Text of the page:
In Scrum, you are a bit of both. Since this is a new team and duration of Sprint isn't quite known yet, have them create a Sprint Goal and have that represent the Event. Then build a Sprint Backlog with all the items necessary to achieve that goal. Finally, have the team come up with an estimated time in which they'd prefer to get some feedback. Have that duration be the first timebox. 

  • Perhaps they think the work will take 3 weeks, but would like inspection every week. 

    • Go through all the events and run a one-week Sprint.
    • Refactor the Sprint Backlog to represent the first week's preferred load.
    • During Retro, allow the team to assess the duration and see if extending to 2 or 3 weeks is worth trying out instead.

The purpose of Scrum is continuously improve your product/processes/working environment.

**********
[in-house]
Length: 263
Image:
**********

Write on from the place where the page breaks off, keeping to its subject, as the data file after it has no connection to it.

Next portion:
Nobody should really care how fast or how long the work is taking or what's the best Sprint duration or how good are the estimates or even the synchronization. Instead, you should care about identifying the things that prevent the team from being as productive as they'd like to be, and creating the opportunity for them to be learning from their decisions/estimations over time. Sustaining pace will come later as the new engineers become more proficient, but for now the goal should be getting them to collaborate as equals, working together for a shared goal, visualizing their work and discussing daily what they plan to finish that day. 

01:40 pm October 25, 2019

While appreciating agile ideas, values and practices and Scrum in general (the PO) thinks the idea of a time-boxed sprint would produce additional stress in the beginning. 

What evidence is your PO basing their thinking on?   What Scrum training has this PO received?   What do they (or do they not) understand about the purpose and benefit of a time-boxed sprint?

The designated group leader/product owner is willing to switch to a time-boxed sprint after the new group members are trained, productive and cross-functional.

Who is making the determination around the "productivity" of new group members?   Why is cross-functionality of team members a pre-requisite for moving to time-boxed sprints?   Why is individual cross-functionality a goal at all?